- Make a side by side chart where you show quantities of money and materials saved. For example, if your office is reducing its paper mailings, not only has it saved paper - it's also saved the money for paper, and the money for postage. Post a bar chart where everyone can see it; indicate the specific quantities saved, and make weekly or monthly updates to show the progress of your initiative.
- Connect wellness initiatives to the environment. Staff health affects your bottom line. Sick days, medical leave, and extended absences add up to take a toll on your organization's productivity and financial outlay. Employee wellness initiatives not only make a direct impact on employees; they can also help the environment. For example: walking to work instead of driving will boost employee fitness and cut down on emissions from heavy traffic. Create a visual display to show how many miles your employees have walked, and how many gallons of gasoline the walking has saved.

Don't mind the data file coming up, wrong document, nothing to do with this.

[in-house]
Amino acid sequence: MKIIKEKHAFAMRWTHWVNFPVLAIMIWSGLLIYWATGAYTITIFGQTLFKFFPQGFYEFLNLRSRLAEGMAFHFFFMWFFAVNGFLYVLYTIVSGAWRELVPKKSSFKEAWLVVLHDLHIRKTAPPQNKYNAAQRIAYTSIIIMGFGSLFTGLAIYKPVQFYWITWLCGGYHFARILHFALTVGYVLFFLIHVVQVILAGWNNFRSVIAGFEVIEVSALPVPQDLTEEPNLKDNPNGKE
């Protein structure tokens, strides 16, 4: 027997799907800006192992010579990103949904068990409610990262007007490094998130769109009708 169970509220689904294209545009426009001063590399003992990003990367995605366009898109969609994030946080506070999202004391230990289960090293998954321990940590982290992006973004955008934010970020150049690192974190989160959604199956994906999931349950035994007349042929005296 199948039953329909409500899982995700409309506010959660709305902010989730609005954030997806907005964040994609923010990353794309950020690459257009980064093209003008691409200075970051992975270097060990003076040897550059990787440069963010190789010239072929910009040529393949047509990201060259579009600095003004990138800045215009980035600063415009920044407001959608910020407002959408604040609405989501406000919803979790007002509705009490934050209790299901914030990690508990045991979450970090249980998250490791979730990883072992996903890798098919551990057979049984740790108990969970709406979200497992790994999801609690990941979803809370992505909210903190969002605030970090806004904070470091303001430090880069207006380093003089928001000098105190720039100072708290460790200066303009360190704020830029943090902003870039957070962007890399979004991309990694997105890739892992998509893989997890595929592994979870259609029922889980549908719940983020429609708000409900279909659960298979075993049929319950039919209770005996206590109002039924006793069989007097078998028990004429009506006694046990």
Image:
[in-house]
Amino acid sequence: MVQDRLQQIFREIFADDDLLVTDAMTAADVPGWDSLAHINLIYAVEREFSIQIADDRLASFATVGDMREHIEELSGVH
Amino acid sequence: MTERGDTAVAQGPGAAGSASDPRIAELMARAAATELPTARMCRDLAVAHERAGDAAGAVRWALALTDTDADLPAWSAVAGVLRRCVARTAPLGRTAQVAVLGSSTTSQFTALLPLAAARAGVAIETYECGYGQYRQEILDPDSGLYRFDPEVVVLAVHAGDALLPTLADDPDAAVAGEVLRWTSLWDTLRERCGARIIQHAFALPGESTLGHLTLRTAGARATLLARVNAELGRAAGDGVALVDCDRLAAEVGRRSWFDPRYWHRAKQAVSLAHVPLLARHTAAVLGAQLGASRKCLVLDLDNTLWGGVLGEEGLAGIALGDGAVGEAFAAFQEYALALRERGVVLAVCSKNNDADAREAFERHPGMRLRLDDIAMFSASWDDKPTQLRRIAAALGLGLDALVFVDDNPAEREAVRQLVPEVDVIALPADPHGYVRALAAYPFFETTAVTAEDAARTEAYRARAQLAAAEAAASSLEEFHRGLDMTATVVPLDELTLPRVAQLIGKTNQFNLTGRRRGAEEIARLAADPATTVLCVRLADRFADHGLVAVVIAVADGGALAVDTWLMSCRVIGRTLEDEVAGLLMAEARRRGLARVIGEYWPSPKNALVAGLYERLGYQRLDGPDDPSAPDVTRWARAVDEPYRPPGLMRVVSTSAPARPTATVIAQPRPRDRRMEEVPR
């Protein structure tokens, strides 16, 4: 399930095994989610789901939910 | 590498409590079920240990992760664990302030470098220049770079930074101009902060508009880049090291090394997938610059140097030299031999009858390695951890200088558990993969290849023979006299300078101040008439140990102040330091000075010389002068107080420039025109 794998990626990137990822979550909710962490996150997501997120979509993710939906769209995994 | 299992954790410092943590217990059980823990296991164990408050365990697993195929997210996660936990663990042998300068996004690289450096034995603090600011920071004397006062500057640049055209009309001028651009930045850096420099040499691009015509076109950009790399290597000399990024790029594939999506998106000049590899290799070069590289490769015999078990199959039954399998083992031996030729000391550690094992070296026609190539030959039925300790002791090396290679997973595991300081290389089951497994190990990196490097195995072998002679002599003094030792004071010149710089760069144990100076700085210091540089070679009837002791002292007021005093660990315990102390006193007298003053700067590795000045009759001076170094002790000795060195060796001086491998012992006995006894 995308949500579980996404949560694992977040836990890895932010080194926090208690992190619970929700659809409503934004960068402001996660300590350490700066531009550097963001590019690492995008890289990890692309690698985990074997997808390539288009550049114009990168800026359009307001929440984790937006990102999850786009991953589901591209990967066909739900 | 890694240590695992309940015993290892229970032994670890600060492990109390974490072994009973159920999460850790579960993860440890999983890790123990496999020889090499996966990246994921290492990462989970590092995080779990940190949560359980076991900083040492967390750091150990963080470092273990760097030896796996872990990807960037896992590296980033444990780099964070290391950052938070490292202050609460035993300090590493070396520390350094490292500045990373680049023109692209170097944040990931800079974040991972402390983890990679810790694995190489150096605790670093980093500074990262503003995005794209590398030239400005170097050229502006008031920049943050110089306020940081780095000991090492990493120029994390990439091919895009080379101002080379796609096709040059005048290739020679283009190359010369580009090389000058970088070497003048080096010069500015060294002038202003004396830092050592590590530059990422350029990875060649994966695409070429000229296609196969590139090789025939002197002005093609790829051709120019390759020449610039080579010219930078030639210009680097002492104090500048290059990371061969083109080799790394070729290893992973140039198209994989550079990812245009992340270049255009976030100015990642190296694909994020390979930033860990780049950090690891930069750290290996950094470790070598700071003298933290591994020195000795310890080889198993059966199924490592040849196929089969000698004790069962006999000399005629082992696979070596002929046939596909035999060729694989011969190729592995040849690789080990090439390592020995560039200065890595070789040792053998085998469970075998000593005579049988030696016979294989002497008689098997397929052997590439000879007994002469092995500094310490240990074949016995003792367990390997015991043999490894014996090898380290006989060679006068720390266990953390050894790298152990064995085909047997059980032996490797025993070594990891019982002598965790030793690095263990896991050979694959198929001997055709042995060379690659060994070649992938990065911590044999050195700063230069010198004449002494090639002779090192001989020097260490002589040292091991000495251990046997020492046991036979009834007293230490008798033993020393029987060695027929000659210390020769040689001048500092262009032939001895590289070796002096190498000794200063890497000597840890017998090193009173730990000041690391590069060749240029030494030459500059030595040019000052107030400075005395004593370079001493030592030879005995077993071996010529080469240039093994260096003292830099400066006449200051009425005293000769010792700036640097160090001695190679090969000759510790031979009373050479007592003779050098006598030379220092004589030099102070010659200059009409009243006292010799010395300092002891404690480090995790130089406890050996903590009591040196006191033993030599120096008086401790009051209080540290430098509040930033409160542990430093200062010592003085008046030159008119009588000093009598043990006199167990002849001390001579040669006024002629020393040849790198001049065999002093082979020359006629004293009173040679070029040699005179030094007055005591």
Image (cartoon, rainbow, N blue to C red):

- Show the impact of food. When your employees bring a "zero-waste" lunch, plastic use is obliterated, and employees tend to bring healthier choices then they would have selected at takeout restaurants. Create a visual display to select winners of the week for most creative "zero-waste" lunches.
Humans respond very well to visual reinforcement. If you want your green initiative to succeed at the office, your best bet is to create visual displays, on which staff members can see direct evidence of their efforts. In an office environment, where money is on the line, it can help to directly connect your green initiative with the idea that money has also been saved. If you're an office leader, you can make visuals to demonstrate that saving one type of green usually means saving another type of green. Here are some ideas for crafting visual displays to make an impact: